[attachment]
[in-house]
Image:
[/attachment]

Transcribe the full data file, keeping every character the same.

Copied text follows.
[in-house]
Image: